“Why commercial dashboards?”. Pension PlayPen lunch – Monday Jan 7th

counting house 5

Our lunch room is upstairs at the back!

The one thing missing from the dashboard debate so far has been a robust case for a commercial dashboard. At the Pension PlayPen lunch on Monday , I want to have an open and honest debate about how people in financial services expect to make money out of pension dashboards.

On the face of it, the Pension Dashboard is a philanthropic project delivered by the DWP to a grateful nation using an NGO – the single financial guidance body. Those who expect to do the plumbing are led by Origo – a not for profit organisation. The ABI who have been the principal advocate of a dashboard are similarly a not for profit trade body.

So why is there so much angst about it? The first dashboard will be non-commercial and I have yet to hear from those who want to make money out of dashboards how the commercials will work. This is what the lunch will discuss.


Some starters for ten

The most commonly expressed view is that once people see their pensions on one dashboard they will be inspired to save more to make up for the inevitable shortfall between what they’ve saved and what they ought to have saved.

For those running pension saving policies this sounds like a compelling argument but is there evidence that that’s what people do?

People go to estate agents to find out how much their property is worth more often than to trade up.

I suspect that the public excitement about a pension dashboard is not about finding out their pension shortfall but to value their pension savings to date.

Much as people have called for a holistic view of retirement income from all sources (including state pension), the public’s interest is in the £20bn the PPI claim is lost money and the alarming statistic released by the DWP by 2050 – that unless we buck up our pension finding capability, there will be 50m abandoned pots by 2050.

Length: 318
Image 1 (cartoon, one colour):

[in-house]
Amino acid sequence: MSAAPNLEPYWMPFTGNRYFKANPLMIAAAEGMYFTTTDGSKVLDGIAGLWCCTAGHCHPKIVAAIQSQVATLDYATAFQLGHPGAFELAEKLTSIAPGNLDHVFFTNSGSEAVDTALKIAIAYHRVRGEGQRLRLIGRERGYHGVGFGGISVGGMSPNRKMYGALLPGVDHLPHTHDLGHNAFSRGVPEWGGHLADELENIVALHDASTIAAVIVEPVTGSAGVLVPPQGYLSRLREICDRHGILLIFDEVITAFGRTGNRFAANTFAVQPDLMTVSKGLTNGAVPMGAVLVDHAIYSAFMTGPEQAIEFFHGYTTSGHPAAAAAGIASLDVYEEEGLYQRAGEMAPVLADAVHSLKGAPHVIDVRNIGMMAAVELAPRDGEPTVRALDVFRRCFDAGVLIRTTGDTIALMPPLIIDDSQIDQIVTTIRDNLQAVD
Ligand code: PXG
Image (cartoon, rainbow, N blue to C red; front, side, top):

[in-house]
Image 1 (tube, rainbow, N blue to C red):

As with estate agents, I suspect people will be more interested in a valuation of their savings than in a trade up to a holistic financial plan.


The main course

The dashboard presents an opportunity for the big fish to eat the little fish.  For people will multiple pots, the logical next step – once the dashboard has found and delivered – is for consolidation.

Just how people will work out who to consolidate to is not clear. But it’s not hard to see that in a commercial environment, calls to consolidate to the pension scheme behind the pension dashboard will follow.

Origo’s slide on how it expects the post SFGB  dashboard to look – is quite explicit.

dasboard suspects


The proof of this pudding is the bill…

The pension dashboard is ostensibly a holistic financial planning tool delivered by a not for profits technology player through an NGO. This is the non-commercial dashboard discussed in the Government’s Feasibility Study and consultation.

But once we’ve had our starters and  the main course we get  the pudding and the bill.

I don’t think we should be shy about the bill – it’s going to have to be paid and the pension dashboard bill – like the lunch we’re going to have – will see the bill shared between participants.

Now let’s get this straight, you’re not going to pay for a pensions dashboard unless you get something out of it. If the participants are those featured at the top of Origo’s diagram above, then expect those running dashboards to expect not just to be paying for them – but to be profiting from them.